Western Culture Today and Tomorrow: Addressing the Fundamental Issues
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Well known for his important scholarly contributions to dogmatic theology and biblical commentary, Joseph Ratzinger has also been an insightful, shrewd analyst of political modernity and its discontents. This work reveals Ratzinger's keen insight into the fundamental challenges confronting the twenty-first-century West.
The civilizational project we call the West was a cultural achievement with a history. Ratzinger understands that Jerusalem, Athens, and Rome were the three legs of the cultural stool on which the West rests. From that under- standing, Ratzinger draws his analysis of the West's post- modern crisis. Nineteenth-century Western culture kicked the Jerusalem leg out from under the stool when its atheist humanists declared the God of the Bible the enemy of human maturation and liberation.
When we lose the Jerusalem leg of the West's cultural support system, the Athenian leg gets wobbly. For absent the conviction that the God of the Bible imprinted something of his own rationality into a world created by the Logos (the Word or reason of God), reason begins to doubt its own ability to get at the truth of anything.
This assault on the capacity of reason to discern truth with certainty connects directly with what Ratzinger famously called the dictatorship of relativism, the use of coercive state power to impose a relativistic moral order on all of society.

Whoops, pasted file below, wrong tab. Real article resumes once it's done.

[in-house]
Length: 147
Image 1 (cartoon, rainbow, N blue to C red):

In response to this grave crisis today, Ratzinger says we need to focus on answering such fundamental questions as: How did western culture originate and what are its boundaries? What about the spiritual roots of western culture and the moral foundation she is founded on?
"The witness of Christian lives nobly lived is the beginning of reconversion of the West--and that return to the truths taught by the God of the Bible is essential if the great Western civilizational project is not to crumble. Joseph Ratzinger understood that danger long before many others. It would be well to attend to his prescription."
-- George Weigel, From the Foreword